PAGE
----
Case reports

Hargreaves - Burden of proof on HMRC in taxpayer information notice appeals

In Hargreaves and others v HMRC [2021] UKFTT 80 (TC), the First-tier Tribunal (FTT) confirmed that the burden of proof in an appeal against an information notice issued by HMRC under paragraph 1, Schedule 36, Finance Act 2008 (a taxpayer notice), is on HMRC.

The FTT was of the view that the burden of proving that information requested in a taxpayer notice was reasonably required was on HMRC. Once that burden has been discharged, it is then for the taxpayer to establish that the information was not reasonably required. The position is, however, different for third party notices issued under paragraph 2, Schedule 36, Finance Act 2008, where the sole burden of proof lies on the taxpayer. The FTT noted in its decision that the issue of where the burden of proof lies in relation to Schedule 36 notices has received inconsistent treatment in the past. This decision is helpful in confirming that HMRC bears the burden of establishing that information requested in a taxpayer notice is reasonably required.

You can read our commentary on the decision here.

Tooth – Supreme Court rejects the concept of 'staleness' 

In HMRC v Tooth [2021] UKSC 17, the Supreme Court, in dismissing HMRC's appeal, confirmed that a discovery assessment issued under section 29, Taxes Management Act 1970 (TMA) will not be invalid because a lengthy period of time has elapsed between the discovery being made and the assessment being issued by HMRC, and that for a taxpayer to bring about a loss of tax as a result of a 'deliberate' inaccuracy in a document there must be an intention to mislead.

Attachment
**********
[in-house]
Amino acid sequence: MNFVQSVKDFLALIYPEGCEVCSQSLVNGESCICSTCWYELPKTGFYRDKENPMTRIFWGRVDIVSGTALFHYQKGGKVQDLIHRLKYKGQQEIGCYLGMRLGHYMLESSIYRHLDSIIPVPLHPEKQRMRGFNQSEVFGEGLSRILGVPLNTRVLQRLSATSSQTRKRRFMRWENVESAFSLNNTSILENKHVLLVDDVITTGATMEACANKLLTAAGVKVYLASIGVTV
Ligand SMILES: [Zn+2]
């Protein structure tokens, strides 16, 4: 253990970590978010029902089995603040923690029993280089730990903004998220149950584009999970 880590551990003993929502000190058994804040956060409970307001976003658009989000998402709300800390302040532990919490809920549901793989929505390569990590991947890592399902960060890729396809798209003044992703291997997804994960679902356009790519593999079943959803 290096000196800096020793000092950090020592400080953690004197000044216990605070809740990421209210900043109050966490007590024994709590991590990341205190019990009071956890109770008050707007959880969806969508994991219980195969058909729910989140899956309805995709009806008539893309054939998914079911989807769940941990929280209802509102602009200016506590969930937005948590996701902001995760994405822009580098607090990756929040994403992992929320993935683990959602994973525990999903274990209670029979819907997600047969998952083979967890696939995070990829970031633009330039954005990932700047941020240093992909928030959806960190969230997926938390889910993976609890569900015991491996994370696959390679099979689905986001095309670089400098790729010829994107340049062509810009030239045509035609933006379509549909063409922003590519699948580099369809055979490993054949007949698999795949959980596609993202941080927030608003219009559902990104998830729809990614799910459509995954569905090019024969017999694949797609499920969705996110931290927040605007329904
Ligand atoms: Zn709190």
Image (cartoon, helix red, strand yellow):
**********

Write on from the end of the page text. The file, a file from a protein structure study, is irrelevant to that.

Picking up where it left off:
The Court's rejection of the concept of 'staleness' will come as a disappointment to many taxpayers. What this means in practice is that so long as an HMRC officer has made a 'discovery', the fact that HMRC then sit on the discovery will not prevent it from issuing a valid assessment at a later point in time provided the assessment is issued within the relevant statutory time limits and the statutory safeguards in section 29, TMA, are satisfied.

The Court did acknowledge that a taxpayer may seek relief by way of judicial review proceedings if HMRC fail to act in accordance with ordinary principles of public law in deciding when to issue an assessment under section 29. The Court also confirmed that an HMRC officer may make a discovery even if a different HMRC officer made the same discovery earlier, and there are no new facts.

You can read our commentary on the decision here.

Daarasp – Loss claims denied as closure notices were valid

In Daarasp LLP & Betex LLP v HMRC [2021] UKUT 0087, the Upper Tribunal (UT) dismissed the taxpayers' appeals and their claims for losses as the conclusions in HMRC's closure notices were not inconsistent with the losses being reduced to zero in the taxpayers' returns.

Although the UT has confirmed that closure notices should be construed as a whole, it considered it wrong, as a general proposition, that amendments to tax returns should be used to construe conclusions contained in closure notices more widely than their ordinary meaning would permit. Amendments to a tax return can only widen or narrow conclusions contained in a closure notice if considered as part of the whole factual matrix, and not if the meaning of the conclusions is otherwise clear.

You can read our commentary on the decision here.

And finally...

In a special cross-over episode, our Taxing Matters podcast looks at the growth in popularity of tax liability insurance.

Giles Hambly, a Tax Specialist in the Major Risks Practice at global insurance broker Gallagher, joins us to explain what tax liability insurance covers, how it works in practice and why many businesses are now choosing such insurance. You can listen to our podcast here!

Stay connected and subscribe to our latest insights and views 

Subscribe Here